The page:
[Author Prev][Author Next][Thread Prev][Thread Next][Author Index][Thread Index]
Re: [school-discuss] Linux Laptop
Whoops sorry...I meant Joel
What level of laptop are you looking for? I can see what I can scrounge
up. Probably a very old IBM or Toshiba.
Open Source Migration Specialist/Founder
Aptenix LLC-Desktop Solutions
New Market, MD
"Open source, open minds."
This message is confidential, intended only for the named recipient(s)
and may contain information that is privileged or exempt from disclosure
under applicable law. If you are not the intended recipient(s), you are
notified that the dissemination, distribution, or copying of this
message is strictly prohibited. If you receive this message in error or
are not the named recipient(s), please notify the sender at either the
fax address or telephone number above and delete this message. Thank you.
Joel Kahn wrote:
From the responses to my last posting, I can see that
I am still not making my situation clear enough. Here
is some more info that may help.
Awhile back I purchased the book "Point & Click Linux"
that includes the Mepis liveCD. The first machine that
I tried it out on was an old Win98 box with only 128MB
of RAM, a four gig hard drive, and a *really* yucky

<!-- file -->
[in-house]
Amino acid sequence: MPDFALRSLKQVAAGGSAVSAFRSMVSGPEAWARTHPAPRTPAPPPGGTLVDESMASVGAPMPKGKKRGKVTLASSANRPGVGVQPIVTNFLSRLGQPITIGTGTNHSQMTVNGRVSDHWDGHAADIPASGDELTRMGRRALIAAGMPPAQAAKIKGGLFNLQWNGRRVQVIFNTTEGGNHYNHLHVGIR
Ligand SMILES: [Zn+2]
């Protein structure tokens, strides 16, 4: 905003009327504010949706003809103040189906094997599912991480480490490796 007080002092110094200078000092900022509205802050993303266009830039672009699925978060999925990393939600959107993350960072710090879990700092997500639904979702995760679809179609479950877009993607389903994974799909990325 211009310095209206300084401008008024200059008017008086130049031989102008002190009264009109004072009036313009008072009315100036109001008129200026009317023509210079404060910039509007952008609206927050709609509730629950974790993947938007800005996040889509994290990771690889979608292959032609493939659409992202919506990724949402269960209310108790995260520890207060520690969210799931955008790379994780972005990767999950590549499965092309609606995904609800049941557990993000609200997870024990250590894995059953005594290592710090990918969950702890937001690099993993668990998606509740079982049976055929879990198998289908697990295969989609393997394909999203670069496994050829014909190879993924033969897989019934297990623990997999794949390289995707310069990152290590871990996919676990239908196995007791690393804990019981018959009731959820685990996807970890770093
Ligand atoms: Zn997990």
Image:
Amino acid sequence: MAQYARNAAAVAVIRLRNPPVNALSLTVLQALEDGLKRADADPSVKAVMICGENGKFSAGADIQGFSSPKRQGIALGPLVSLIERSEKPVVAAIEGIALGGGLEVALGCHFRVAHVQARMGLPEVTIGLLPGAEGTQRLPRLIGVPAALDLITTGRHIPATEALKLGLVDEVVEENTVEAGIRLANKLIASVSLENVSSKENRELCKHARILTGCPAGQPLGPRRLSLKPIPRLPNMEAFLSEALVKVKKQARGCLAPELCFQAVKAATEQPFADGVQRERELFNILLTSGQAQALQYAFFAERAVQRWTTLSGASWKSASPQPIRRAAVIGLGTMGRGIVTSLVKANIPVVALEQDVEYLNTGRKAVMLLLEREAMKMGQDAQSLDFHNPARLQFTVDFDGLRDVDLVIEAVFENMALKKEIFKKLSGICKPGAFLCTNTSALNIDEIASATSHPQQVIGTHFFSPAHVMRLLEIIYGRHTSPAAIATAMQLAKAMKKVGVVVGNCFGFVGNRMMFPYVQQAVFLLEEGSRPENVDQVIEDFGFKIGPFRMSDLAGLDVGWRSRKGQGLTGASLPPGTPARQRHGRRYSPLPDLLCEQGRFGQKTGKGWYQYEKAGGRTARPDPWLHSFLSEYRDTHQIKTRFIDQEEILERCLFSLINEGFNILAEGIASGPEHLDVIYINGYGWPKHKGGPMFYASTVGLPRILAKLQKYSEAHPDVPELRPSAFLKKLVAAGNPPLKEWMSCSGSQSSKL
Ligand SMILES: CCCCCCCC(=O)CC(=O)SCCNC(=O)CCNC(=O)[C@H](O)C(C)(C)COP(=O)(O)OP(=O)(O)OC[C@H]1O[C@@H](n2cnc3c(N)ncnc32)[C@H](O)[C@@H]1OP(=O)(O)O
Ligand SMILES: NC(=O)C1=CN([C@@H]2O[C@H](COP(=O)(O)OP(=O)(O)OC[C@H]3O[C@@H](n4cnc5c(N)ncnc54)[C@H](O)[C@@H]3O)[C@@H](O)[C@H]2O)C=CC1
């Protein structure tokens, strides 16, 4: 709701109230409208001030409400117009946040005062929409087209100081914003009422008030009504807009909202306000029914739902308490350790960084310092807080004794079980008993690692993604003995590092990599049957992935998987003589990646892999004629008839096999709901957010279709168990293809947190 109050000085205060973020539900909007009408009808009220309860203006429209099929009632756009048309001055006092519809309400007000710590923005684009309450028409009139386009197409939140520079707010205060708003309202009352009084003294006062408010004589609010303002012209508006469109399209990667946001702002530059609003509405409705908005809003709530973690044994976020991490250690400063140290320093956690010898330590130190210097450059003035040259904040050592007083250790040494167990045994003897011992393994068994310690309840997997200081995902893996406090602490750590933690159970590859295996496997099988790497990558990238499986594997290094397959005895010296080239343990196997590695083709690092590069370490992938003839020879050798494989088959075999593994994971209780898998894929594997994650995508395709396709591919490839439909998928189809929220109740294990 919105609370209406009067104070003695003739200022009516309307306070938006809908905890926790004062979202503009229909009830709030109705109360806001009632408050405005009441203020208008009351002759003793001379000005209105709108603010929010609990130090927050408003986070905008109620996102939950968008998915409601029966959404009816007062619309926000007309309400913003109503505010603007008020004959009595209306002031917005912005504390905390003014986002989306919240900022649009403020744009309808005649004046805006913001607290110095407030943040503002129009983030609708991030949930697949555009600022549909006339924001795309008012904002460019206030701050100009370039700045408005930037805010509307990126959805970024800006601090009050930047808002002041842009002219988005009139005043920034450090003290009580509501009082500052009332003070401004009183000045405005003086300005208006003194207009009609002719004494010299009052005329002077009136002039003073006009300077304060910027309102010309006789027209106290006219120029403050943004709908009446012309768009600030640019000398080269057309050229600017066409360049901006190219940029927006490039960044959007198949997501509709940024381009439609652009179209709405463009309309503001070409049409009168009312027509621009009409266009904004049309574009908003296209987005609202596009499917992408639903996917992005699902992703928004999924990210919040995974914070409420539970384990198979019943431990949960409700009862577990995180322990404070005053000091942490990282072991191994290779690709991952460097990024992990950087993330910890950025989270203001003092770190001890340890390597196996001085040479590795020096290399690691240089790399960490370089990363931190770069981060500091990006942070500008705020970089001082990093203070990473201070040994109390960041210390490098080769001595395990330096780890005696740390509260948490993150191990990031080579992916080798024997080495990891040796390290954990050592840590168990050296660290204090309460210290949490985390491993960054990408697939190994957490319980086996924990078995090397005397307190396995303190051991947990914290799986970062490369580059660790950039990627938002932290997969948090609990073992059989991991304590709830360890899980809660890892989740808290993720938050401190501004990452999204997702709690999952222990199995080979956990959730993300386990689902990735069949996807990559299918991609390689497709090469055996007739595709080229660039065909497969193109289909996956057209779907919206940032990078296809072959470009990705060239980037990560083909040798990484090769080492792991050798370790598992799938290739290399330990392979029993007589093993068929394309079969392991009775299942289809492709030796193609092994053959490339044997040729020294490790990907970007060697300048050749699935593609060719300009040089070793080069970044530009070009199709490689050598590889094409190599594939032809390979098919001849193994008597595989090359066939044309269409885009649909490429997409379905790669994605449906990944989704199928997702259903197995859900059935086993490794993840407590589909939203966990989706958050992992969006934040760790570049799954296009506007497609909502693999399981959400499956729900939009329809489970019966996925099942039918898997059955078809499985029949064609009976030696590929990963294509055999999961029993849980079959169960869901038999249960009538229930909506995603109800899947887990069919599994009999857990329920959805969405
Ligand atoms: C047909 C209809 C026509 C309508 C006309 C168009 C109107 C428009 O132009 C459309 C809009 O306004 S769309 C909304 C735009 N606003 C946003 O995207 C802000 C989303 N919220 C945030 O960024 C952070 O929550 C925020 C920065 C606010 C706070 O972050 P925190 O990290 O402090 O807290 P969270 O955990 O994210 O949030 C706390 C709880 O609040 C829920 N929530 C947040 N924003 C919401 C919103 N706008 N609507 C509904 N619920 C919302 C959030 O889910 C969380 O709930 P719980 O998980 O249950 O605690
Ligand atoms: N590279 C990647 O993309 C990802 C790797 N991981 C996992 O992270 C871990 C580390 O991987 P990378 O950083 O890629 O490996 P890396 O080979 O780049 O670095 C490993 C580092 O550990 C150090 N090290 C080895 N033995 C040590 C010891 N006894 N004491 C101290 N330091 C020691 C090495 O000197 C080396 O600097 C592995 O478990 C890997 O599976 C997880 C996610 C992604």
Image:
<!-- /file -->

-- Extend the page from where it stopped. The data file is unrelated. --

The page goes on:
video card. Still, the distro ran OK from CD-ROM, and
the install to the HD when I finally took the plunge
wasn't too bad either. However, I still have trouble
using the computer's CD writer, and I also run into
some issues when I try to install new apps--mostly, I
think, due to my own remaining ignorance of Linux, and
lack of time to learn all of the stuff that I need to.
There is old hardware around, both at school and home,
that I could bring together to make a small
thin-client test setup; there is just not enough time
to set up such a thing--not to mention the lack of
support from the people around me. "Don't rock the
boat" is a strong message coming from all directions.
Questioning the Windows orthodoxy here really tends to
be interpreted as challenging authority.
A well-configured Linux laptop, over which I had
complete control, would be something that I could use
specifically where and when I needed it. Unlike the
Knoppix-Mepis-liveCD-style scenario, a laptop can be
taken into any room that may be the best place for me
to meet someone, whether that room has a computer
already or not; also, if everything on the laptop has
been set up the way it should be in the first place, I
won't have to worry about any kind of local
hardware-specific glitches making Linux look bad to
skeptical (if not downright hostile) observers who
don't know any better. I know that setting up a demo
thin-client network would be the best way to show what
the real FLOSS benefits can be, but I'm just not in a
good position to do that in the near term.
If nobody in this group is in a good position to help
me out directly, perhaps I should be looking at some
kind of grant from the appropriate FLOSS-related
organization. I'm open to suggestions. . . .
Do You Yahoo!?
Tired of spam? Yahoo! Mail has the best spam protection around